These four videos take viewers through the basics of the best speed and agility drills for high
Youth strength training is a topic of interest for many researchers, clinicians, practitioners and coaches. When to start, how much is enough or too much, and what to prescribe is constantly debated and put under scrutiny. However, at present, a compelling body of scientific evidence supports participation in appropriately designed youth resistance training programmes that are supervised and instructed by qualified professionals. Moreover, the benefits of strength training starting at younger ages can eventually have long-term implications for an individual’s healthy lifestyle and future sports participation.
Regular endurance training improves performance during tasks that rely mainly on aerobic energy metabolism, in large part by increasing the body's ability to transport and use oxygen and altering substrate metabolism by working skeletal muscle. In contrast, high-intensity "sprint"-type training is generally believed to have less of an effect on oxidative energy metabolism and endurance capacity. However, many studies have shown that a sufficient volume of high-intensity interval training (HIT), performed for at least 6 wk, increases peak oxygen uptake (V˙O2peak) and the maximal activity of mitochondrial enzymes in skeletal muscle (16,21). Recent evidence suggests that a number of metabolic adaptations usually associated with traditional high-volume endurance training can be induced faster than previously thought with a surprisingly small volume of HIT. The present article briefly summarizes work from our laboratory (5-8,11) and others (18,21) that sheds new light on the potency of HIT to induce rapid changes in exercise capacity and skeletal muscle energy metabolism.
Northwestern University professor John A. Rogers is collaborating with a broad collection of partners including Gatorade, the Seattle Mariners, the U.S. Air Force and Shirley Ryan AbilityLab to bring his wearable microfluidic sweat analytics system into widespread distribution.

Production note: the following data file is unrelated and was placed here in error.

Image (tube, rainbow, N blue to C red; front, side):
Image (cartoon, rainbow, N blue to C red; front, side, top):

18. 6. 2018
Running is a sport that both men and women enjoy, whether they're racing in a 5K or a marathon, or competing for a team or their country while speeding around a track. But no matter the venue, it's pretty common to see men clock faster times than women do.
A study from researchers at Indiana University in the journal NeuroImage: Clinical has found differences in the brains of athletes who participate in contact sports compared to those who participate in noncontact sports.
Have you ever wondered how top goal keepers such as Manuel Neuer or Gianluigi Buffon decide which corner to dive to in a penalty kick situation? You are in good company. Ever since the first penalty kicks were introduced to soccer in 1891, experts, coaches and supporters have puzzled over the question of why some goalkeepers are better at stopping penalties than others. A new review of the available literature now proves that simply learning which corner to dive to is not enough. It is important that goalkeepers also perfectly calculate their dive to get to the corner at the right time. The study was led by John van der Kamp of the Vrije Universiteit Amsterdam in the Netherlands and is published as part of a special issue in Springer's German Journal of Exercise and Sport Research.